My wife loves barns. It was one of the first things I learned about her. I like to tell people, “our next house is a barn”. The barn* in the picture to the right is affectionately called “StarBarn” by our family. The photo, itself, is entitled Red, White, and Barn and it's dedicated to my bride. These days the old barn just stores hay. I had a bright idea. I tracked down the owner of the land and explained to them that I had a great photo of their barn. Since it only holds hay now, I wonder if they would allow me to cut the star out of the barn, repair the hole, and present the star to my wife. It was worth a shot. The response I got was even sweeter than the idea of possessing that star.
By phone I spoke to the old farmer’s wife whose parents had immigrated from Scandinavia to raise wheat in the promising fields of the New World. She actually was sympathetic to my romantic gesture and I’d like to think she gave it a half minute’s consideration before replying, “Well, no, we don’t want to see that star go. You see, my mom painted that star on that barn soon after my dad built it. It was something they did back in the old country and she wanted to keep that tradition alive here in America. We actually have an old picture of my mom painting that star on the barn.” Wow, now I’m feeling like I should ensure the preservation of that star – maybe a nice moisture-controlled, hermetically-sealed case. What a treasure! Let’s catch a word from our Sponsor:
For I [Apostle Paul] am mindful of the sincere faith within you, which first dwelt in your grandmother Lois and your mother Eunice, and I am sure that it is in you as well. (2 Timothy 1:12)
You see, Paul’s disciple, Timothy, was custodian of a Star as well (see Numbers 24:17). Grandmother Lois had become a follower of Jesus. In turn, Lois’ daughter became a follower. Then the third generation, Timothy, became a follower of Jesus, himself, honoring the legacy handed down to him. Before Timothy ever drew breath, something of great value was awaiting him. He went on to become one of the most influential leaders in the young Christian church – all because his ancestors handed down to him something of enduring value to them.
In the Smith family, we do Christmas gifts a little differently than most. Each child gets four gifts, The Jesus Gifts – gold, frankincense, myrrh, and swaddling clothes. I’m not sure, yet, what the boys think about this year’s Gold, but it was a long labor of love from their parents – literally. I spent the summer and fall downloading old VHS tapes, scanning print photos, digitizing ancient slides and negatives, and pulling old cassette tape content onto my computer. Every media-borne memory is now on my computer. (And my computer is now on Carbonite!) For Christmas, I edited 30 to 50 minute “Human Highlight Reels” for each of our four boys. For me, it brought the sweetest flood of memories reaching back over a quarter century. Our new daughter-in-love cried watching the 24-year life-span of her groom unfold before her eyes. Forgotten, but not gone moments in each child’s life are now back within their grasp – every boy’s media memories loaded onto their own portable hard drive. If not now, in due time, this may be their “star barn”. That was Gold – a gift of enduring value.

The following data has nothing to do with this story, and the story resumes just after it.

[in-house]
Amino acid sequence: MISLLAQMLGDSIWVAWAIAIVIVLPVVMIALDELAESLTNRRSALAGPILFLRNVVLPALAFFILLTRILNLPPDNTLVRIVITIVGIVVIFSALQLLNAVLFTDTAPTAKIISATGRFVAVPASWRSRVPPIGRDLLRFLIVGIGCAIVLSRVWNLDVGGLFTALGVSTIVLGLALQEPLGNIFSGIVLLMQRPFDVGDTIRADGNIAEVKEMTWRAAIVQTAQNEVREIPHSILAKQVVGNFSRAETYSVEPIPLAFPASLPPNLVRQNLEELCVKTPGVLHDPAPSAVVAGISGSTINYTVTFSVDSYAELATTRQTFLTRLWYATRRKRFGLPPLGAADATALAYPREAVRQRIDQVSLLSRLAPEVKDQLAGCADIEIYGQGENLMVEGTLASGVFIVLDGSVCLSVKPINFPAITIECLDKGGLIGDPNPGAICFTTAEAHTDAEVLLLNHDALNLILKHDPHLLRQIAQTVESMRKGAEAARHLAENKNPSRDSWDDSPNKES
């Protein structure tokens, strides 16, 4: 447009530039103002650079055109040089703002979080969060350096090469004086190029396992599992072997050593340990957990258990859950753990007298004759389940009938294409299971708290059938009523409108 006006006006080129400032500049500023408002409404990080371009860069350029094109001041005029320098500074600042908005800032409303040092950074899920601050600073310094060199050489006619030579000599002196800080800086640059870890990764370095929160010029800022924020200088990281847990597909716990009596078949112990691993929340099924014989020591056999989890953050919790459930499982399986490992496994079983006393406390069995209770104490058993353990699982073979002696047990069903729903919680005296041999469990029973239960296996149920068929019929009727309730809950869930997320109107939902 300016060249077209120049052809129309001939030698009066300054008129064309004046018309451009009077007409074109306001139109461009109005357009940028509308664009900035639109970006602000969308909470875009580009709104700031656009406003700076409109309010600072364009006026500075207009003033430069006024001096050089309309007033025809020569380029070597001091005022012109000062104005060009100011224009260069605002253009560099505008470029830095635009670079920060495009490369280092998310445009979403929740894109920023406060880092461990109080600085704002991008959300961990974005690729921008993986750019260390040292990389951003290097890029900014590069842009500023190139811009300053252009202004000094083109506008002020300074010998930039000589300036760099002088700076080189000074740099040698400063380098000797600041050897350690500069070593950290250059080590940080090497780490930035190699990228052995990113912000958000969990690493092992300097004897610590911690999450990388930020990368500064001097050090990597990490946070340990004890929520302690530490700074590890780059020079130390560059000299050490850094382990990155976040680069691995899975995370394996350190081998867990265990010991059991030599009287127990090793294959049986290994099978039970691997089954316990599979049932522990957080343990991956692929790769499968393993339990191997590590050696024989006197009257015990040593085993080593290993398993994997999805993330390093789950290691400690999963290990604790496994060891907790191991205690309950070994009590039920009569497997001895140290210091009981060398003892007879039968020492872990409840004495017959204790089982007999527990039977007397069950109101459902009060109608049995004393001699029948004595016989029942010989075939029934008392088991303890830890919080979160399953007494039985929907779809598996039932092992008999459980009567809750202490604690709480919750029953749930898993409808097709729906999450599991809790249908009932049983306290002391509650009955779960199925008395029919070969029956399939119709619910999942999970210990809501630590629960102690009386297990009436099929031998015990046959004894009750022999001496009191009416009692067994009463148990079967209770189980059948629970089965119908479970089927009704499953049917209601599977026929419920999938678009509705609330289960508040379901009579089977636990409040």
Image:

Frankincense, the gift that reminds of us of our spiritual connection with God, is also on those hard drives in two parts. Part 1 is 100 Hymns of the Faith. They may never listen to them, but in some future decade when a “far advanced” civilization mentions the word “hymn”, at least my sons will know where to find one. “…pavilioned in splendor and girded with praise...” Yeah, that’s lame sauce. Frankincense Part 2 is special to our family. My oldest son remembers me thundering away in the pulpit, but the three younger boys were usually in children’s church when I was “shucking the corn”. Now, they have videos and audio going all the way back to my ordination sermon, and even one special sermon I did based on the biblical characters after whom they were named – Isaac, Noah, Joshua, Gideon – all mentioned in Hebrews 11.
Every generation has to figure out what of their parents’ world they will embrace and what they will release – what hand-me-downs to cherish and when to get new stuff. I’m sure there was a time that the old farmer’s wife would’ve paid me to paint over that dumb star. Now, it is a family heirloom. My boys are young adults, reorganizing the furniture of their new, mature world. Whether in the pulpit or at the dinner table, we’ve given them a foundation – firm and secure. Like Lois and Eunice, my wife and I pray that our sons enter their worlds boldly and create a whole new legacy that rises high above this foundation.
My mom’s favorite hymn was “Wherever He Leads, I’ll Go”. Mine is “He Leadeth Me” (as performed by the Martins). They’re both in the Top 100. Followers of Jesus don’t go the direction their parents tell them to. Followers of Jesus follow where He leads. And we’ve handed THAT down to our children.
Clark H Smith
* StarBarn is at the northeast corner of US 81 and River Bottom Road (Co Rd 352) 3.5 miles north of Concordia, Kansas. You can see it on Street View on Google Maps. The current owners were so very kind to send me a copy of the photo of grandma up on a rickety scaffold painting the star as grandpa looked on. I framed both pictures together. This hangs in the front entry of our home. (click the pic to enlarge)
The LORD will command the blessing upon you in your barns and in all that you put your hand to, and He will bless you in the land which the LORD your God gives you. (Deuteronomy 28:8)